Tuesday, July 28, 2009

Dizzy Miss Lizzie

The day of the first Shea Stadium concert was apparently, like today, an extremely hot day. Just look at John sweating through his rendition of "Dizzy Miss Lizzie" in his Nehru jacket. Although he seems to be having a good enough time, he doesn't look super comfortable either. It's no wonder he mangles the words a bit. The heat tends to melt a person's brain.

Although "Dizzy Miss Lizzie" had long been a part of the Beatles' early setlists, they had only recently dug it out again to record-- these American screaming, fainting girls would have recognized the song from Beatles VI, one of the mutant Capitol albums. Interestingly, "Dizzy Miss Lizzie" was recorded specifically for American audiences in a special recording session in May of 1965. Capitol's habit of chopping Beatles albums into little pieces to try to get more albums (and thus more money) out of the same set of songs had resulted in a situation in which Capitol found itself two songs short for another album. And thus the Beatles were dragged by the masters at EMI into the studio to quickly knock out two more songs-- which is why "Dizzy Miss Lizzie" and "Bad Boy" exist. (That "Bad Boy" link explains a little more, by the way, about why the hell Capitol pulled this crap in the first place.) The whole situation with the American record market made the Beatles kind of sick, but there was nothing they could do about it, and no doubt being forced into the studio after a long day of filming Help! to better serve the American jerkwads who maintained this system was quite the indignity.

Still and all, "Dizzy Miss Lizzie" is a pretty good song-- good enough that the Beatles went ahead and put their recording onto the U.K. Help! album, which came out later that year. You can hear the Larry Williams original version here (I'm not going to embed the video, because it's, um, weird). Williams, one of rock and roll's more dodgy and, sadly, more forgotten old schoolers, originally released this in 1958 with "Slow Down" as the B-side.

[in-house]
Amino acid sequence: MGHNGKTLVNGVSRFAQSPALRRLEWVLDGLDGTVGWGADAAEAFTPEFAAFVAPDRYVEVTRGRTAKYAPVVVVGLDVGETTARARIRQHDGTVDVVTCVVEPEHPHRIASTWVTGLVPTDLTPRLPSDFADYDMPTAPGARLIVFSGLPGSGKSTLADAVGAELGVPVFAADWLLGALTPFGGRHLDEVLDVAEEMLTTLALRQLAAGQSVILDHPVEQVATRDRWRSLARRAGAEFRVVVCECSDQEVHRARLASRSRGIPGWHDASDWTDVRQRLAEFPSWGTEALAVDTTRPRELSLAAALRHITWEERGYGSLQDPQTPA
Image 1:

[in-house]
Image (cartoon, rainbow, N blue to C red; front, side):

I don't know if it's knowing too much about the background of "Dizzy Miss Lizzie," or the song's position as the last cover the Beatles ever released, or what, but on this one I think the Beatles actually sound tired. Here's the album version-- I mean, is this just me?

You know, no, it's John, specifically, who sounds tired. Not to be picky or whatever, but he's done better vocals than this-- and it's only because I know this that I can hear the fatigue here. Poor John. Meanwhile, George is rallying gamely on the repetitive guitar riff the whole thing is based on, though I swear sometimes he's playing it just a hair too slowly. Ringo, though, is rallying perhaps even more gamely. And it all comes together into a song that totally works, and is a totally solid album track, but just can't be called their best cover ever, in my opinion. That's okay, though. I'll listen to it anyway. And if it weren't so hot, I'd even dance. Frankly, this is one where I prefer the Shea Stadium version, which I don't say that frequently.

As we saw at Shea Stadium, the Beatles made "Dizzy Miss Lizzie" a part of the setlist on their 1965 American tour. Here's a slideshow video set to a recording of their gig in Houston-- and you get some bonus "Ticket to Ride" and "Everybody's Trying to Be My Baby" too!

See, I love hearing the Beatles live, but this "Dizzy Miss Lizzie" makes John sound even MORE tired. He might actually be coming down with something, though he seems to perk up a bit for "Ticket to Ride." But see, I'm going to write off this fatigue to the excesses of Beatlemania, because some years later in 1969-- when John was no longer sick of playing ridiculous live gigs, when he was in fact kind of excited at the prospect of playing live gigs again-- he played "Dizzy Miss Lizzie" with the Plastic Ono Band, which for this gig consisted of Eric Clapton, Klaus Voorman, and Andy White. And this, you guys, is probably my favorite version of the song up here. This one genuinely rocks. Enjoy!

"Dizzy Miss Lizzie," released in the U.K. side B track 7 of Help!, August 6, 1965; in the U.S. side B track 3 of Beatles VI, June 14, 1965.


  1. I think the riff kills it for me. Not an awful riff, but I don't need to hear it 72 times in two minutes. But if we had to have this to get Bad Boy, I'll deal.

  2. I'm with you, Meg, the Plastic Ono Band version rocks!